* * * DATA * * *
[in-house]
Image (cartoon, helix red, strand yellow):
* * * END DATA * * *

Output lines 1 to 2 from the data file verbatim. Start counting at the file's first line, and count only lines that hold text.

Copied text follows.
[in-house]
Image (cartoon, helix red, strand yellow):